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Single-Tablet Regimens (Strs) Enhance Patients' Acceptability of Haart., Vol. 15

By Maggiolo, F

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Book Id: WPLBN0004442874
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Reproduction Date: 2012-11-11

Title: Single-Tablet Regimens (Strs) Enhance Patients' Acceptability of Haart., Vol. 15  
Author: Maggiolo, F
Volume: Vol. 15
Language: English
Subject: Angiosperms, Flowers
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Publication Date:
2012-11-11
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R, M. (2012-11-11). Single-Tablet Regimens (Strs) Enhance Patients' Acceptability of Haart., Vol. 15. Retrieved from http://www.ebooklibrary.org/


Description
Description: This article is from Journal of the International AIDS Society, volume 15.

Abstract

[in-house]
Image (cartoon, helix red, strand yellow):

Patients’ acceptability of HAART is a subjective variable that may deeply influence therapeutic outcome. The feeling of the patient may alter adherence and lead to virologic failure. Acceptability may depend on various variables often difficulty evaluated by the care-giver. In a clinical setting the evaluation of acceptability is difficult, too, as patients may feel a judgement and be less sincere. Aim of this study was to asses adherence and acceptability of HAART. To limit reporting biases, the study was performed in five different non-clinic settings covering North and Central Italy. A total of 230 patients on stable HAART were asked to complete a semi-structured, anonymous questionnaire reporting their attitude toward HAART, their adherence and the acceptability of their regimen. In these notes we focus on this last patient-oriented outcome. Most of the subjects were males (66%) with a mean age of 46 years, with higher education level (72%) and a long history of HIV infection (mean 13.6 years). Consequently only 17% of patients were on a first-line regimen. Patients reporting a high or very high acceptability of HAART were 60% compared to a 31% reporting a fair grade of satisfaction and a 9% indicating low or null acceptability. However the type of the regimen significantly influenced patients’ acceptability. Single-tablet regimens (STRs), OD regimens with more than one tablet/day or BID regimens were scored as highly acceptable in 84%; 61%; and 53% of cases, respectively (P < 0.0001) (Figure). Statistical significance was retained when the dosing schedule was entered in a multivariate logistic model. When the analysis was restricted to experienced patients 62% of them were currently on a regimen based on a reduced number of pills compared to the previous one. Patients scored the previous regimen as more difficult to comply with in 72% of cases; as difficult in 22% and less difficult in 6%. The eventuality of AEs (40%); respect of timing of pill intake (39%) and number of pills (27%) were the major reasons of patients’ low acceptability of HAART. High acceptability is one of the winning characteristics of a regimen, favoring long-term adherence, durability and efficacy. Although highly subjective, acceptability may be positively influenced by characteristics of the HAART regimen such as simplicity. According to our results, STRs show a higher acceptability compared to more complex regimens.Figure 1Patient reported acceptability for thier current HAART regimen.


 

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